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Old 08-23-2014, 10:26 AM
Status: "Summer!" (set 22 days ago)
 
Location: Foot of the Rockies
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"Imagine a Great City". That was Federico Pena's campaign slogan when he ran for mayor of Denver in 1983. Part of a great city requires vibrant schools. School is the primary occupation of the 5-18 demographic of any city. A huge portion of property tax goes to schools. There is ample reason for urbanists, New Urbanists, and just everyday people to be concerned about the schools and their performance.
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Old 08-23-2014, 01:47 PM
nei nei won $500 in our forum's Most Engaging Poster Contest - Thirteenth Edition (Jan-Feb 2015). 

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Location: Long Island / NYC
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I agree schools are important, but I can't think of anything specific to discuss about them.
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Old 08-23-2014, 01:56 PM
Status: "Summer!" (set 22 days ago)
 
Location: Foot of the Rockies
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Well many, including you, our fearless leader, said, "if you want to discuss schools, start a thread". For some reason, people don't want to post on a school thread, but they'll post plenty about schools on other threads.

I wanted to start this thread in a non-biased way. Maybe that was the wrong approach!

Denver unveils new plan to improve schools | CPR
**Boasberg and other leaders repeatedly stressed that to reach the goals, the entire community needs do what it can to assist, for example, mentoring a student.

The number one goal, say district leaders, is to place a high performing school in every neighborhood. Right now 61 percent of DPS students attend high performing schools, as measured by the district’s framework for measuring school performance (SPF). The goal for 2020 is 80 percent.

A second goal is that 80 percent of third graders will be reading at or above grade level. Now 60 percent are on target. Students who read and write at grade level in 3rd grade are likely to be at grade level or above in reading, writing and mathematics in 10th grade.**

- See more at: Denver unveils new plan to improve schools | CPR

Now I do not want to make this into a discussion about Denver schools, per se. It's about all urban schools. I do think a discussion of the bolds would be interesting. Many think charters and magnet schools are "the answer" to living in a city with poorly performing neighborhood schools. This guy says all neighborhoods should have high-performing schools. (There is a specific definition of high performing in Colorado, but let's forget about that for this discussion.) Many have little interest in schools b/c they don't have kids, or don't have kids in school yet. However, Mr. B. of DPS says the entire community needs to do what it can. From the POV of enlightened self-interest, since one's property taxes go to pay for public schools, people w/o kids (the majority of residents) should be concerned about what's going on in schools; should be appalled at school systems with mediocre HS graduation rates, violence in the schools, etc.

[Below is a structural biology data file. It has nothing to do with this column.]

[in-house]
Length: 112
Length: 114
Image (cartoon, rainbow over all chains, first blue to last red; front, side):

Last edited by Katarina Witt; 08-23-2014 at 02:04 PM.. Reason: punctuation
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Old 08-23-2014, 01:57 PM
nei nei won $500 in our forum's Most Engaging Poster Contest - Thirteenth Edition (Jan-Feb 2015). 

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Location: Long Island / NYC
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Here's two posts about city schools by an urbanist blogger:

Op-Ed: Gentrification's Impact on Neighborhood Schools' Success - The Chicago Bureau

It's rather detailed, haven't digested it enough to give an opinion. And another:

Chicago’s Most Promising Educational Reform? – Next City